File photograph: Protest in Mannar calling for an end to forced cremations
Sri Lanka's Director General of Health Services, Asela Gunawardana, said that "it will take some time" to end the island's forced cremation policy.
Gunawardana told The Hindustan Times that implementation of the revised policy will "take some time as guidelines on many aspects need to be determined and issued."
Following mounting domestic and international criticism, the Sri Lankan authorities issued a gazette notification last week stating that burials and cremations of Covid-19 victims would be finally be permitted.
Since the outbreak of coronavirus last year, Muslims have been denied the right to bury those suspected to have died from Covid-19, directly violating traditional Islamic burial rights. Ignoring the World Health Organisation's (WHO) guidelines which stated that Covid-19 victims could be cremated or buried, Sri Lanka has continuted to enforce the policy.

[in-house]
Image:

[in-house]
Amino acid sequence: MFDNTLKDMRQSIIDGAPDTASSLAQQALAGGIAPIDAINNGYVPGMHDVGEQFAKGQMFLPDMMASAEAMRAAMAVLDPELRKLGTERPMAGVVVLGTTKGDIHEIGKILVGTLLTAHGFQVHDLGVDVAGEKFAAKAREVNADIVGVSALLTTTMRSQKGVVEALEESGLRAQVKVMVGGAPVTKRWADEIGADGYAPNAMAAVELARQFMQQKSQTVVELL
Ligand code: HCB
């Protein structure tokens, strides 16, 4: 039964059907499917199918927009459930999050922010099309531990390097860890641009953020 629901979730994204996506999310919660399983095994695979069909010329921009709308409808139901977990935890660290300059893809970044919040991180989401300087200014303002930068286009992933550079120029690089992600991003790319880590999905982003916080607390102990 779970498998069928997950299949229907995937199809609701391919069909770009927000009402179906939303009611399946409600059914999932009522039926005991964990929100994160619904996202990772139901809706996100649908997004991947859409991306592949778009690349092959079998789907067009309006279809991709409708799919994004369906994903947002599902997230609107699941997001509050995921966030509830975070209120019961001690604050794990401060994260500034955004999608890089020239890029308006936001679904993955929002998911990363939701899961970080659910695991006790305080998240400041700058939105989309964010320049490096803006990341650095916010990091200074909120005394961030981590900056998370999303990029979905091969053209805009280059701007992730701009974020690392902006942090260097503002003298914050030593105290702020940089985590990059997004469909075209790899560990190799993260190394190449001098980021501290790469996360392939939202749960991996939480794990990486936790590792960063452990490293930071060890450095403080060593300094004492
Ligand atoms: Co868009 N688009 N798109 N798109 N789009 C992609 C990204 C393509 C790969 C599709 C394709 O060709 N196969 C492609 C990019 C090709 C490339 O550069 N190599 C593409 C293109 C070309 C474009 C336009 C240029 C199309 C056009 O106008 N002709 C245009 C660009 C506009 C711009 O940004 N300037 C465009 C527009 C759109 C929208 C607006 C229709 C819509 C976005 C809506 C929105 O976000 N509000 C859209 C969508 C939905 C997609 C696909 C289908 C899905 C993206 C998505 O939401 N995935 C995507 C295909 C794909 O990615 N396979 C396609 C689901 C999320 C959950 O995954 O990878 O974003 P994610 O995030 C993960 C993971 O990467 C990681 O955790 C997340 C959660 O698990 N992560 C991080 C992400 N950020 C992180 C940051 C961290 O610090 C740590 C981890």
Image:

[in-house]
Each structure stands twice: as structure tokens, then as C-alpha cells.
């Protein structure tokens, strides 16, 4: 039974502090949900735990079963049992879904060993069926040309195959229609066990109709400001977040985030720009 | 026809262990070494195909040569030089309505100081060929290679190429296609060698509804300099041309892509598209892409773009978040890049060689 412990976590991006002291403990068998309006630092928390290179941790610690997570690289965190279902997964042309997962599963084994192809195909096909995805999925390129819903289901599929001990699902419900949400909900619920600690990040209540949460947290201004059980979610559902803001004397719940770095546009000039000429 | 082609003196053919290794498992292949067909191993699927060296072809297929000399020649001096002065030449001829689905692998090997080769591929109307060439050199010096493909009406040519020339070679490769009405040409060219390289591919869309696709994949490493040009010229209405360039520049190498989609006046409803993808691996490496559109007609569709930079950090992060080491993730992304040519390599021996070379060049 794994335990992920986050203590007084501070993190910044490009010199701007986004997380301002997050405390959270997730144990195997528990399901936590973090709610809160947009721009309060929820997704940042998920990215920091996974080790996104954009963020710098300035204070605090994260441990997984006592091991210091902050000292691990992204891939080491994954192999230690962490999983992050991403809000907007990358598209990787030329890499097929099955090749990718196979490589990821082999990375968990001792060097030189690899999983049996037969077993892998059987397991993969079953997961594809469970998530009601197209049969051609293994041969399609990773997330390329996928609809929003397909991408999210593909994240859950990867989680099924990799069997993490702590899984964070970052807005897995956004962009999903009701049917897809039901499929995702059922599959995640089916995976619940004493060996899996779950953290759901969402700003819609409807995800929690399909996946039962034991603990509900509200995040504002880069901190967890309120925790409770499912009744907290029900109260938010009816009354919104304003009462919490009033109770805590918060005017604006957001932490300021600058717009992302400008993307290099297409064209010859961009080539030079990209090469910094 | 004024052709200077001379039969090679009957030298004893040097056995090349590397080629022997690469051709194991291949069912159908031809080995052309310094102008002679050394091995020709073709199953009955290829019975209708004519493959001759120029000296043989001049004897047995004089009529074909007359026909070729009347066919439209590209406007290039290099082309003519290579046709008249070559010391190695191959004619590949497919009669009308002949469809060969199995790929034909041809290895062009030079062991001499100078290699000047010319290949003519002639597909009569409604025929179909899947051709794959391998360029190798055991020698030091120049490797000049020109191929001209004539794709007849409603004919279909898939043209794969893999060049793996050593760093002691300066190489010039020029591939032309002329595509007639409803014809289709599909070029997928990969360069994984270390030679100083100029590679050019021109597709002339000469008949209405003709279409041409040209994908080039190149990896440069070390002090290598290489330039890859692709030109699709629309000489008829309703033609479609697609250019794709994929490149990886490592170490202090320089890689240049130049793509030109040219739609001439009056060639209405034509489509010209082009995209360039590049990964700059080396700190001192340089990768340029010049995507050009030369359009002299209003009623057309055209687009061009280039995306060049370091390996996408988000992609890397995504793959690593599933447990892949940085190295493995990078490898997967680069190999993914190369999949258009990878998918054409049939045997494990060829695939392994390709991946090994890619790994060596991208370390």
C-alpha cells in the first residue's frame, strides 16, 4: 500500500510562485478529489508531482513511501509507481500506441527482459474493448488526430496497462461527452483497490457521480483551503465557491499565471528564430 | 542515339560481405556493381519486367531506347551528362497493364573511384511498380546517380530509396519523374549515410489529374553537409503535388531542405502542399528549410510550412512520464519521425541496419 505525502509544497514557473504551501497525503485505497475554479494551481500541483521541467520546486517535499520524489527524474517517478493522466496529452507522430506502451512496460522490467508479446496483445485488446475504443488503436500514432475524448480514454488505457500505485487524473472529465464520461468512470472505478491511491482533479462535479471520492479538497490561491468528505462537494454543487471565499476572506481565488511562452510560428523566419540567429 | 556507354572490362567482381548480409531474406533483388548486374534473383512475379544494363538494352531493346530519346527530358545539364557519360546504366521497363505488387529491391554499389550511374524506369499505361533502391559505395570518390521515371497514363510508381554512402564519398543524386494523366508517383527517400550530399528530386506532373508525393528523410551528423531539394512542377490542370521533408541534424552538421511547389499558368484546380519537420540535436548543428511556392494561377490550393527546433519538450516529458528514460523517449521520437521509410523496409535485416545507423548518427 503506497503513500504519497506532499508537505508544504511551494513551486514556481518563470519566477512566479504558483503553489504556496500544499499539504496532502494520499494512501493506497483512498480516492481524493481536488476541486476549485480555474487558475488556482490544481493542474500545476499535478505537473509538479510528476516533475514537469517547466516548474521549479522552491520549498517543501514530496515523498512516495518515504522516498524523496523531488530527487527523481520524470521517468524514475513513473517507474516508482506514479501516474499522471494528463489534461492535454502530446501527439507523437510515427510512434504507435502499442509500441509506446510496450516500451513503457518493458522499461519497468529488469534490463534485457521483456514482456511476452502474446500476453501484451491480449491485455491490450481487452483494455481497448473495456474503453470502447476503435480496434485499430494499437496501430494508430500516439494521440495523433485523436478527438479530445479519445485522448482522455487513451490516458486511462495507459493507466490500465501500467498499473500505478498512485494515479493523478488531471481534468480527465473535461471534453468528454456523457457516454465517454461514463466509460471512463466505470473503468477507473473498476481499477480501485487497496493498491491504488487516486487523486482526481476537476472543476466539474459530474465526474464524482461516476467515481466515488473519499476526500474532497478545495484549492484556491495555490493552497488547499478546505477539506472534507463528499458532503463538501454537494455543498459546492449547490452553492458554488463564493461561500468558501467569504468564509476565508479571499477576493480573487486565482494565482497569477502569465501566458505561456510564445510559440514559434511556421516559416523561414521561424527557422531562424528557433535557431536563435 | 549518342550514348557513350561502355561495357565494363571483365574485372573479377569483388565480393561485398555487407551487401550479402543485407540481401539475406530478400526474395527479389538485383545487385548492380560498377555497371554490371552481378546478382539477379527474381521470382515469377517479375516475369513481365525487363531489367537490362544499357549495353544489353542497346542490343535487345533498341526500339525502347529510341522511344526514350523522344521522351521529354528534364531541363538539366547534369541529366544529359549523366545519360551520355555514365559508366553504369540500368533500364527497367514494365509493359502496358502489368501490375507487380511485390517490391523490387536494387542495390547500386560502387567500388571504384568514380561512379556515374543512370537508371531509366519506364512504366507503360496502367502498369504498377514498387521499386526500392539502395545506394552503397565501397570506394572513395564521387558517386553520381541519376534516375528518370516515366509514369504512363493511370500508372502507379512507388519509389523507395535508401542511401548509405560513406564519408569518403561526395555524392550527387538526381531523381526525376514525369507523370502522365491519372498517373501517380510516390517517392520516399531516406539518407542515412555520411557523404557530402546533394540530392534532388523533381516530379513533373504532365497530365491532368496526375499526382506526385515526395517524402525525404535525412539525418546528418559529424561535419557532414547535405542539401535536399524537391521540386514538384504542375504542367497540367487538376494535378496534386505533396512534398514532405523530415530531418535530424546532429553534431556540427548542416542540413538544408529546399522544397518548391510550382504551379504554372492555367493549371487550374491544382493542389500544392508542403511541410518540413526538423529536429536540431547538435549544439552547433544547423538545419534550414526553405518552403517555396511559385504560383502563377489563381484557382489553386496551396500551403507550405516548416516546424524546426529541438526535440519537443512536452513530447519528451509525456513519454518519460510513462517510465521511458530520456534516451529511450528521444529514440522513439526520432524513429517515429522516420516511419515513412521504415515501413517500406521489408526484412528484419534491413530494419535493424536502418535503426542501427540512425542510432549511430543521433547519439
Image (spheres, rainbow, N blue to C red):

As the revised gazette notification was issued, Justice Minister, Ali Sabry reportedly said that a proposal was made to Sri Lanka's Cabinet to introduce laws to ban wearing face veils in public, claiming that it poses a threat to national security. In response to the proposed face veil ban, Amnesty International warned that "one type of religious discrimination is not simply replaced with another."